Your photography has a dreamlike, surreal feeling to it: a definite feeling of light and dark. Was this an intentional vision from the beginning, or did it organically appear?

I don’t believe anything happens by chance when making art. Somehow your inner voice and all that you are trying to say finds its way into your art if you work hard to communicate your personal meaning. I actually teach an amazing workshop for photographers called “Visual Narratives” that tackles the issue of shooting from your personal meaning in an organic manner, but I digress . . .

Yes, light and dark is a key aspect of my work. The questions of “are you going to go forward or back in your life,” “will you reach into the dark or light” are essential elements within my work since they are elemental to my personal struggle within my dreams.

Tell us a bit about your creative process: do you set out to create a body of work, or do you feel that it finds you?

My images and my series find me in my dreams. I can’t force an image. They are all essentially self-portraits—snippets of my conscious struggles represented within my unconscious world. My process is always the same. I have a night terror, I journal it, then I go out and shoot it. I never know where I’m going as my approach is all based on instinct. When I create an image that represents the dream I had the night before, I always look for a symbol, metaphor or actual element such as a location from my dream.

The work in this portfolio is from your Absence of Being collection, which clearly has elements of solitude and feelings of being on the outside looking in; what instigated this series?

When it comes to creating a series, the work always represents a chapter in my personal life. For example, the Within Shadows series was representative of my struggle to cope with the traumatic loss of my mother and was shot between 2005 and 2009. Once I came to a place where I had nothing else to say with that work, it was because I had dealt with the loss and had to move on. Sadly in 2009, the next chapter of my dreams happened when my father suffered a massive stroke, became paralyzed on one side and struggled for his life for six months. Sadly, he passed and the loss sent me into another chapter of my life. The perspective and content within my night terrors and dreams changed dramatically, thus the perspective and content in my images for my Absence of Being series changed dramatically. Additionally, my dog of 21 years passed on July 19, 2012. That escalated the terrors to an all time high as I still was dealing with the loss of my father and the reconciliation that I no longer had parents or a family unit. Thus, my images became about searching for roots and finding shadows of the past within the present.

Read Part I of our interview with Susan here, or order your copy of Absence of Being 

Susan Burnstine is an award-winning fine a,rt and commercial photographer originally from Chicago and now based in Los Angeles. She is represented in galleries across the world, widely published throughout the globe and has also written for several photography magazines, including a monthly column for Black & White Photography (UK). For more information about Susan, her art, and her workshops, visit her website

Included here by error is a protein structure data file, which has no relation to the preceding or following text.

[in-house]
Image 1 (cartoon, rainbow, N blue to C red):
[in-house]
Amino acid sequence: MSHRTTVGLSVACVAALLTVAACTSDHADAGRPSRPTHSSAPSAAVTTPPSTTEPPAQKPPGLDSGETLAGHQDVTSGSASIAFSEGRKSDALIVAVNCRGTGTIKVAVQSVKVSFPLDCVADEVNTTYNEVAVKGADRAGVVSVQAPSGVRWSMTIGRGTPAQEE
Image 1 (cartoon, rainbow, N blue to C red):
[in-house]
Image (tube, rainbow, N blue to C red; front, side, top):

Creativity Interview Susan Burnstine

← Older Post Newer Post →


Comment


  • Yeah, nobody can escape his reality and art reflects this reality.
    Better to listen to one’s own voice than a “mentor’s” voice.
    There are no rules in photography and art.

    Daido Moriyama on

Leave a comment

  1. Using Flash To Improve Your Photographs
  2. Five Tips for Using Off-Camera Flash
  3. Finding Critics
  4. Street Life: A Word With Libby Holmsen
  5. Using the Frame
  6. The Photographer's Tools
  7. Backlight: The Art of Silhouettes
  8. Understanding Perspective
  9. In Conversation: Sharon Covert
  10. Create Projects + Collaborate
  11. Mirrors or Windows?
  12. 2018 Mentor Series Workshop: Varanasi, India
  13. F/ The Rules
  14. Drawing the Eye With Selective Focus
  15. C&V Fujifilm Giveaway Winner Announced
  16. In Conversation: Willem Wernsen
  17. Exposing for Highlights
  18. Using Fill Light to Create Dramatic Portraits
  19. Cameras Don't Make Photographs
  20. Shooting with Your Final Image in Mind
  21. 10 Ways to Make Better Black and White Photographs
  22. 2018 Maasai Mara Photographic Safari
  23. 2018 Mentor Series Workshop: Lalibela, Ethiopia
  24. Start With the Corners
  25. Creating Painterly Images with Movement and Multiple Exposures
  26. Using the Guided Upright Tool in Lightroom
  27. The Power of Photographing Icons
  28. In Conversation: Susan Burnstine (Part II)
  29. In Conversation: Susan Burnstine (Part I)
  30. Controlling Your Edit with Lightroom's Tone Curve
  31. Making the Image: David duChemin
  32. 3 Ways to Make More Honest Portraits
  33. The Adjective-Driven Approach to Photography
  34. In Conversation: Oded Wagenstein
  35. Making the Zone System Work for You
  36. Ten (More) Ways to Improve Your Craft
  37. Reference View: A New Way to See in the Lightroom Develop Module
  38. In Conversation: Laurent Breillat
  39. The Best 3 Filters for Landscape Photography
  40. Creating Classical Portraits with Simple Lighting
  41. Photographic Processing and Believability
  42. Visual Storytelling: An Introduction
  43. Making the Image: Piet Van den Eynde